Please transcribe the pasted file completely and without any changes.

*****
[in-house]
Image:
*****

[in-house]
Image: